How Kotlin can help us with error handling

The announcement made on this year’s Google I/O ’17 that Kotlin is now an officially supported language for Android development caught some of us by surprise. There are several differences between Kotlin and the plain old Java and thus it’s important that we have a good grasp on how we can solve old problems on different better ways. The idea here is not to dissect the language by any means, but instead to have a glimpse on how it’s rich, expressive and fulfilled of interesting mechanics even on what regards error handling on a cleaner way.

As with Java, where everything is a subclass of Object, on Kotlin the root of all classes is the type Any. The news here is that in Kotlin we also have the Nothing class, which in turn is by itself a subclass of all the classes. This is how it’s all wrapped up:

It’s purpose is very nicely explained by Lorenzo Quiroli on his post Nothing (else) matters in Kotlin and I do recommend that you read it if you haven’t already. Therefore, my intention here is simply to show how we can make use of the Nothing type in order to fail, so to speak, in a gracefully manner.

The use case

Let’s start from an hypothetical situation where we want to output a given user’s name. We know that this name is a property from a Userobject which we can have access to or not. Let’s also suppose that the result of outputting this user’s name is of the essence for our use case or else we should straightly through an exception. This is how we would do it:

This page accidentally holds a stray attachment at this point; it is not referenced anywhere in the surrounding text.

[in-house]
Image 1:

Note that the getUser()function returns the type User? which means that it can return an object of the type User or null.

Next we check for the returned User object. In case it’s not null show it, otherwise throw an exception and we’re good.

But hey, it’s Kotlin! Shouldn’t we be less verbose?

Sure we can. Let’s start by pruning all those nasty explicit null-checks:

Much better now with the elvis operator in place (the little guy with a quiff: ?:) — no ifs, no braces and a couple of lines of code. But what does this elvis operator guy do? Well, roughly speaking, if the getUser() function returns a value other than null, then it will be assigned, otherwise the expression say that we should throw an exception. Neat. But what if we want a varying error message to be shown accordingly to the failure that effectively happened?

Making it general

Let’s handle our error in a more general way. A good starting point is to decouple the fail handler to a separate function:

Well, that’s just fine and dandy, huh? The problem is the code above won’t compile. Why, you might be asking now. We have a type mismatch error there because the value user expects an object of type User but the fail function returns a type Unit(the voidequivalent from Java).

Remembering that every function declared in Kotlin without an explicit return type will implicitly return Unit, as with the fail function above. Making it clear:

So how to solve it in order to make the compiler happy?

Well, it’s just a matter of declaring Nothing as the return type of fail as follows:

Remember we said that the Nothing type is a subclass of all other classes? Well, then, because of this, the return type of the fail function in the snippet above is inferred by the compiler as being the type User.

Should the getUser() function above return null, the output we’ll have is something similar to this:

Exception in thread “main” java.lang.IllegalStateException: User not found!
at com.mycompany.MainTestKt.fail(MainTest.kt:13)
at com.mycompany.MainTestKt.main(MainTest.kt:4)

Nice. But why does it work now?